Lot 25
  • 25

Paul Manship 1885 - 1966

350,000 - 550,000 USD
bidding is closed


  • Paul Manship
  • Indian and Pronghorn Antelope: A Pair
  • inscribed Paul Manship / © 1914 with the Sterling CMS foundry mark on the base (Indian); inscribed Paul Manship / © 1914 with the Sterling CMS foundry mark on the base (Pronghorn Antelope)
  • Sterling silver
  • height (each): 12 inches (30.5 cm)


Hirschl & Adler Galleries, New York
Acquired by the present owner from the above, circa 1986


New York, Hirschl & Adler Galleries, Studio Selections of American Sculpture 1811-1941, 1986, p. 55, no. 34b, illustrated in color


House and Garden, June 1921, p. 62, illustration of another example
Paul Vitry, Paul Manship, Sculpteur Americain, 1927, p. 38, pls. 31-32, illustration of another example (in bronze)
E. Murtha, Paul Manship, New York, 1957, p. 152, nos. 51-52
A.E. Gardner, American Sculpture: A Catalogue of the Collection of The Metropolitan Museum of Art, New York, 1965, p. 151, no. 48.149.28, illustration of another example (in bronze)
Minneapolis, Minnesota, 1985, pp. 136-37, nos. 97-98, illustration of another example (in bronze)
J. Conner and J. Rosenkranz, Rediscoveries in American Sculpture: Studio Works, 1893-1939, Austin, Texas, 1989, pp. 135, 138-39, illustration of another example (in bronze)
J. Manship, Paul Manship, New York, 1989, p. 54, illustrated fig. 45, pp. 67-69, figs. 60-61, illustration of another example (in bronze)
H. Rand, Paul Manship, Washington, D.C., 1989, pp. 40-41, figs. 26-27, illustration of another example (in bronze)
Denver Art Museum, Shaping the West: American Sculptors of the 19th Century, Denver, Colorado, 2010, p. 9, illustration of another example (in bronze)

Catalogue Note

Indian and Pronghorn Antelope, according to John Manship, the artist's son, is almost certainly a unique sterling silver cast of this subject. The sculpture also exists in bronze and was cast in an edition of 15. Eleven of the bronze editions are in museum collections, most notably the Smithsonian American Art Museum, Washington, D.C., The Art Institute of Chicago, Illinois, and the Metropolitan Museum of Art, New York. Only three other works by Manship are known in silver: Pekinese Dog, 1931; Persian Cat, 1931; and Seal of Missouri, 1946.

Recognized as an emerging talent at the young age of 24, Paul Manship was awarded a three year fellowship at the American Academy in Rome. While there, he developed a pronounced appreciation for Archaic Greek art, defined by its naturalistic style, which reflected influence from Egypt and India. Drawing on this tradition for inspiration, Manship translated these principles into a unique vision that bridged the gap between traditional and modern aesthetics. The artist’s primary concern lay in the purity of form, where each element was considered and perfected to achieve a manifestation that was distinctly simplified, naturalistic and modern.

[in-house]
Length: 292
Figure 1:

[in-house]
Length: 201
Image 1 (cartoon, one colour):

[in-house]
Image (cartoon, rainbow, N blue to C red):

Harry Rand writes, “Manship returned to America in the fall of 1912, bringing with him the carefully wrought sculptures he had executed in Rome. The shape and force of his career appeared suddenly, shining from an exhibition that the Architectural League held in New York at year’s end. The results were legendary. All ninety-six bronzes in the show sold. The critics and public unanimously acclaimed him a major new talent” (Paul Manship, Washington, D.C., 1989, p. 23). Modeled and cast two years after this successful exhibition, Indian and Pronghorn Antelope depicts Manship’s unique interpretation of the third labor (The Cerynian Hind) of Herakles, or Hercules, as told through Greek mythology. In Indian and Pronghorn Antelope, Manship emphasizes the power of the flowing line both with the figure, recast as a Native American, and the animal, recast as an antelope. Rand continues, "...Manship activated the empty air between the Indian and his prey. The separation of the two sculptures serves as a kind of 'spark gap' - the imagined flight of the arrow as it lands in the side of the rearing antelope carries the viewer's eye over this space. The antelope's backward curve returns the spectator's gaze to the Indian, completing the circuit" (Paul Manship, Washington, D.C., p. 36).